Last month, Zimmer Biomet (NYSE:ZBH) said that it launched a clinical trial using the Apple Watch to help hip and knee replacement patients that could enroll as many as 10,000 patients.

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FDA warns of battery shutdown issues with Getinge’s Maquet/Datascope IABPs

Getinge

The FDA this week posted a letter to healthcare providers warning of reports that Getinge‘s (PINK:GETI BDatascope and Maquet  intra-aortic balloon pumps are shutting down while running on battery power, which could result in serious injury or death.

The company’s intra-aortic balloon pump is designed to be implanted in the descending aorta distal to the left subclavian artery. The system is intended to provide temporary support to the heart’s left ventricle using an electromechanical system to inflate and deflate the balloon, increasing coronary perfusion and reducing left ventricular work, the agency said.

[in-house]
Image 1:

The FDA said that it has received over 75 medical device reports of Maquet and Datascope IABP devices shutting down while running on battery, leading to pump stop and loss of hemodynamic support.

“Five of these reports described three patient deaths, although the deaths cannot be definitively attributed to the device shutting down. Other reports describe serious patient injury such as a sudden drop in blood pressure or the need for resuscitation. At least six reports indicated that there was no alarm warning before the device shutdown,” the FDA said in its letter.